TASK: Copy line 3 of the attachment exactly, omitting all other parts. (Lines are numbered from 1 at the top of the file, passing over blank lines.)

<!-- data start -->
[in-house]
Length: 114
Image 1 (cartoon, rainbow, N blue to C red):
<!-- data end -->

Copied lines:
Image 1 (cartoon, rainbow, N blue to C red):